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May 12, 2010 01:34 PM

Lasagna help!

Usually I make lasagna bolognese with bechamel, but am in a bit of a time crunch and decided to go with ricotta instead. I folded in roughly equal parts by volume grated parmigiano reggiano and grated pecorino romano into the ricotta. Some online sources state that egg(s) are required, otherwise the ricotta will become runny; others say there is no difference. Given the amount of dry cheese that went into the mixture, will there be any problems with runniness? Thank you so much for your insights!

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  1. Because "runniness" in a casserole is the product of moisture and nothing else, as long as you've drained the lasagna noodles well I don't see any reason to add eggs to your dish. If you cheeses were very oily I might take another stand. Just as insurance, if you're still worried, drain the ricotta well before introducing it to the mix. You don't want a runny lasagna but one that's dry enough to such the spit out of the mouth of the diner isn't going to be a winner either.

    1 Reply
    1. re: todao

      Oh no! I didn't even think of dryness! *stressed!

    2. I always add egg to my ricotta (as well as Locatelli, Fresh parsley, s & p)
      It definitly binds the cheese and creates a dryer texture which I creates a more substanstial component than it would be without the egg.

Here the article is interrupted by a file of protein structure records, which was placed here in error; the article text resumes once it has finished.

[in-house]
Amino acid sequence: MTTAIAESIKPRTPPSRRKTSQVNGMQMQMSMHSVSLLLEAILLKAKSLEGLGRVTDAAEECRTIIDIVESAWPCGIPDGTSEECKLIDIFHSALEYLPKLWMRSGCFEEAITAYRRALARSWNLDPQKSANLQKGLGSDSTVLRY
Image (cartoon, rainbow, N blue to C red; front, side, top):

1 Reply
      1. re: NellyNel

        I usually add egg to my ricotta as well. But if you don't want to and are worried about runniness, why not use the no-boil approach to the pasta. The dry sheets seem to soak up a lot of moisture.

      2. I don't think egg is required. And I hate dry lasagna, so leave it out!

        1 Reply
        1. re: bluemoon4515

          totally disagree!!

          Dry-ish lasagna is Fantastic!

          I hate wet slippery lasagna drowned in sauce - bleh!

          Use the egg!

        2. I use egg in my ricotta mixture, along with herbs, grated parm reggiano, and a clove of garlic ground to a paste. The egg, to me, adds a rich smoothness and mousse-like body to the mix. I don't end up with a dryness mentioned in other posts. Maybe different kinds of ricotta?

          You may want to drain the ricotta before mixing, that releases some of the liquid. That helps too, if you have the time. (I use a coffee filter fitted inside a strainer.)

          Good luck!

          1. Use eggs in the ricotta; plenty of basil and don't worry about it becoming too "wet."

            The amount of moisture in the sauce is what you need to be mindful of if you're worried about soupy lasagna.

            And next time you have the time, use the Bechamel *and* Ricotta. It's divine. (We like lasagna with a good proportion of "white" layers to everything else).